Weekend Reading: 2,500 Years of Thinking About “How Much is Enough?”

This article appears as part of Casey Weade's Weekend Reading for Retirees series. Every Friday, Casey highlights four hand-picked articles on trending retirement topics and delivers them straight to your email inbox. Get on the list here.
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Weekend Reading

Asking yourself “How much is enough?” throughout certain points in life might lead to an answer that’s a moving target. However, when it comes to wealth, when do you know if you have truly reached financial independence – or your “enough”?


Here, various philosophers and thinkers throughout history offer their unique perspectives:

📌 Lao Tzu: Emphasizes the idea that realizing you have enough is a sign of true wealth, but cautions against seeking fulfillment in external comparisons and materialism.

📌 Adam Smith: Suggests your pursuit of wealth should not compromise your moral virtues and that happiness should not be equated with the accumulation of wealth.

📌 Henry David Thoreau: Advocates for simplicity and appreciating life's fundamental joys, versus constantly pursuing more.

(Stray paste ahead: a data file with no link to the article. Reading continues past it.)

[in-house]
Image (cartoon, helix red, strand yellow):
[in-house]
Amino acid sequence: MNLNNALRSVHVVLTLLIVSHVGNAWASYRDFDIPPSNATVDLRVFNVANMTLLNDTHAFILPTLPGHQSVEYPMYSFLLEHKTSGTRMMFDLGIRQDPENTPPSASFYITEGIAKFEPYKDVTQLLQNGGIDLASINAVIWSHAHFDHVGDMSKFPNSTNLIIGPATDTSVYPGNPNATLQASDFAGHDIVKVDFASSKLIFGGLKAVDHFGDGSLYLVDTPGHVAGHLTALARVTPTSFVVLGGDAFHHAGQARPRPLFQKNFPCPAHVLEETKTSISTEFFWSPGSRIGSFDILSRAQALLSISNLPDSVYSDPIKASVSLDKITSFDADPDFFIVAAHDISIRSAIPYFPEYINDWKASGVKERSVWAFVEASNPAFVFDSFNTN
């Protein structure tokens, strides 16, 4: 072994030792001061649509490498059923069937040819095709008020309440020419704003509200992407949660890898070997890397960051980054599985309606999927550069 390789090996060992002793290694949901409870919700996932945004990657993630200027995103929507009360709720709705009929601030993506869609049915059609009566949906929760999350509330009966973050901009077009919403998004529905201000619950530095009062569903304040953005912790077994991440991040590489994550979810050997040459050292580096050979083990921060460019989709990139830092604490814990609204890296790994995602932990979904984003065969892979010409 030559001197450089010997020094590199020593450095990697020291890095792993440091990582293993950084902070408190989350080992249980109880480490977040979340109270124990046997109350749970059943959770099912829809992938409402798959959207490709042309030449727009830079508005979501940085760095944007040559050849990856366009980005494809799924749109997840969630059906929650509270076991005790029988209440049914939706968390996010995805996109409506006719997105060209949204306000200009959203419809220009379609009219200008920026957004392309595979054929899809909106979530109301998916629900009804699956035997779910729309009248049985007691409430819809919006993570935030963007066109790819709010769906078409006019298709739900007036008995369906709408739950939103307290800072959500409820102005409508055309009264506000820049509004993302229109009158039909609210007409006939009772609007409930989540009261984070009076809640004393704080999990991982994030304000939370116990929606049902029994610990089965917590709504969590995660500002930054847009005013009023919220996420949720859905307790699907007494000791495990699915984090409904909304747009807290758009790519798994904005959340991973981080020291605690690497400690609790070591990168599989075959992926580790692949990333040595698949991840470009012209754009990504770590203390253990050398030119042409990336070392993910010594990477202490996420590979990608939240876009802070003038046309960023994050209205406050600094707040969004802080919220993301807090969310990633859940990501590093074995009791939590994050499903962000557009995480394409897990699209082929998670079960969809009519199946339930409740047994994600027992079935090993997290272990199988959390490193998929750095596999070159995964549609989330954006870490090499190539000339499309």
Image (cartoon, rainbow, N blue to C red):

📌 Jacob Needleman: Discusses the connection between your understanding of money and your search for meaning in life, stressing the importance of inner transformation and reflection on your relationship with money.

📌 Lynne Twist: Introduces the concept of sufficiency, emphasizing that it's not about simplicity, but about adopting a mindset that there will always be "enough," leading to a richer and more meaningful life.

📌 Mark C. Taylor: Advises reorienting your understanding of wealth to prioritize genuine human experiences and relationships.

Your definition of “enough” is inherently personalized to you. However, by engaging in self-reflection, conscious spending and shifting your view of money from a stock to seeing it as a flow, you can gain more clarity to focus on what truly matters most.